Nose tackle is the same to what David Gibbs wanted. From my understanding, despite lining up as a 0-technique, he would still only be responsible for one of the gaps alongside the center (more on this in part 2). Think your biggest men here – senior Broderick Washington (6’3, 305), junior Joseph Wallace (6’1, 315), and junior Nick McCann (6’2, 310).
The starting defensive line will average 6-foot-2, 290 pounds. Having just three down linemen won’t cost you any size here. Scheme accounts for some other top-of-mind weaknesses (again, more on this in part 2).
Again, very similar to what Texas Tech has already been running. The two linebackers in the middle of the field are similar body types and roles are dependent on their strengths. Utah State’s linebackers were 6-foot-1, 230 pounds and 6-foot-2, 235 pounds. At Tech, there will be a little bump in size in those positions from the projected starters of senior Jordyn Brooks (6’1, 240) and junior Riko Jeffers (6’2, 245).
These are a little trickier to project, but we’ll continue to compare to Utah State’s 2018 squad.
The hybrid defensive end linebacker for the Aggies was 6-foot-5 and 230 pounds. You don’t have anyone on campus like this. Your closest fit may be San Diego State transfer, sophomore (and now eligible) Mark Brown (6’3, 225). Brown played more of a weakside, rush defensive end in high school in Ft. Worth. Skills wise, he would seem to align. Redshirt freshman Xavier Benson (6’3, 200) would be another fit. After that, you would probably have to look back into the linebackers to fill that role with possibly junior Brayden Stringer (6’2, 225).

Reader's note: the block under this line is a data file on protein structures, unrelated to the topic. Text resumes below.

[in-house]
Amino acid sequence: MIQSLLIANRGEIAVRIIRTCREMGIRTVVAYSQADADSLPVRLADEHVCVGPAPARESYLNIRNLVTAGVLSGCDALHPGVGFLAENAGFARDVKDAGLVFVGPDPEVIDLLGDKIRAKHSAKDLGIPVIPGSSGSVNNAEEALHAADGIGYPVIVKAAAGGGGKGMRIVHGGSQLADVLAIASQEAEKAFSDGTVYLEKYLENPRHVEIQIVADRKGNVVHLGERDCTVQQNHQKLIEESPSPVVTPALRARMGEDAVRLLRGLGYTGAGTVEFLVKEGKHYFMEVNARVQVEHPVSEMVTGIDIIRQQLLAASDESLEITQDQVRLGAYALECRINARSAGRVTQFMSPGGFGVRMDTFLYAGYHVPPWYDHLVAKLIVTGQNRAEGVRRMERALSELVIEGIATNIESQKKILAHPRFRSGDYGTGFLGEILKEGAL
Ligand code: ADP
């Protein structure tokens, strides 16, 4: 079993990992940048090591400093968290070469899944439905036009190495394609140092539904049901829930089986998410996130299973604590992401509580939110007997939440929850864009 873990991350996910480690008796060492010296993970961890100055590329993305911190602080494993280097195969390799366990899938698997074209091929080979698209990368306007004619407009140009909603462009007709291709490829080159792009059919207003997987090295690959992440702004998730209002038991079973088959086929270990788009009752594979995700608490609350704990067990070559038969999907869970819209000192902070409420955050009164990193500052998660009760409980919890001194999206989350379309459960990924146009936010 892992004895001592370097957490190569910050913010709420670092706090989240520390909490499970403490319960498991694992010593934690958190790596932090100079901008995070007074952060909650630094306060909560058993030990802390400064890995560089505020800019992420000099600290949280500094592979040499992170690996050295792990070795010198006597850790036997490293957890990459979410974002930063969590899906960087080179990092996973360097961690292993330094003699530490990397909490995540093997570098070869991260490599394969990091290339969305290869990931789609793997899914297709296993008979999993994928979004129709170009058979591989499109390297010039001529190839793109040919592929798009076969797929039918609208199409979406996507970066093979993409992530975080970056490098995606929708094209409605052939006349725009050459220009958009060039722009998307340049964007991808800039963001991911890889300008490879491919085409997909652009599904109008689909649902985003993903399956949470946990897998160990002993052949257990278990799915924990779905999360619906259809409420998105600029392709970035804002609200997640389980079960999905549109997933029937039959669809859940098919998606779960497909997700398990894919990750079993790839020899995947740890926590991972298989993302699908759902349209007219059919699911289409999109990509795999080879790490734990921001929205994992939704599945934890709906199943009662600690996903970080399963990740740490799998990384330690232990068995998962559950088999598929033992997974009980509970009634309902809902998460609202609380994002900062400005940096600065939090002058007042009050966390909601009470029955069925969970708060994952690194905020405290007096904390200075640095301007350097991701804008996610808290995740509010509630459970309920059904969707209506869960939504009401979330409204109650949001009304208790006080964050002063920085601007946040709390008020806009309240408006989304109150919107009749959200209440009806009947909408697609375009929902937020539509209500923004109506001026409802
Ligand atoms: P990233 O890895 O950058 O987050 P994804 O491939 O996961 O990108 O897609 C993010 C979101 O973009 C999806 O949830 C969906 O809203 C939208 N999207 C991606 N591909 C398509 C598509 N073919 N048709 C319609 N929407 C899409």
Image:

The other hybrid player, a linebacker safety is even trickier to project, partly because I don’t know what safeties this team has after losing last year’s starters and not seeing much depth behind them. You have a roster full of corners. The Utah State player here was 6-foot-1 and 210 pounds. If Octavious Morgan returns and figures to be a contributor, his size (heaviest of the DBs at 205) might be what moves him into this role. Senior Justus Parker (6’, 205) might also play here and allow some flexibility in the scheme.
I’m not sure who plays where, but you have some significant experience returning from 2018 at all these positions. These aren’t unique to Patterson, but it will be interesting to see who Patterson, Julius Brown and Kerry Cooks put out there. Your returners include seniors Douglas Coleman, III (6’1, 190) and Desmon Smith (6’2, 190), junior Demarcus Fields (6’, 200), and then some untested sophomores in Quincy Addison (6’1, 190), John Davis, Jr. (6’1, 185), Adrian Frye (6’1, 190), and Adam Beck (6’2, 185), with Frye having the most experience.
Spring ball will go a long way into answering some of these questions about who plays where. We’ll definitely be looking to see how Patterson and Co. mold the existing players and his scheme for 2019.